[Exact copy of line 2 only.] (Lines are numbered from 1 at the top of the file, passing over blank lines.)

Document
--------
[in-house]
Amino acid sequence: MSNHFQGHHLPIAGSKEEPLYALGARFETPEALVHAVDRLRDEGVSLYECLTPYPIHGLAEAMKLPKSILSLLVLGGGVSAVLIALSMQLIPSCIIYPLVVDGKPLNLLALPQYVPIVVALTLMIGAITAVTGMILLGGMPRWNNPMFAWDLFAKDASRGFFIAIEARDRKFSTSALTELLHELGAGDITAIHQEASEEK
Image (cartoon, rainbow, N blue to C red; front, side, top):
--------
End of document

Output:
Amino acid sequence: MSNHFQGHHLPIAGSKEEPLYALGARFETPEALVHAVDRLRDEGVSLYECLTPYPIHGLAEAMKLPKSILSLLVLGGGVSAVLIALSMQLIPSCIIYPLVVDGKPLNLLALPQYVPIVVALTLMIGAITAVTGMILLGGMPRWNNPMFAWDLFAKDASRGFFIAIEARDRKFSTSALTELLHELGAGDITAIHQEASEEK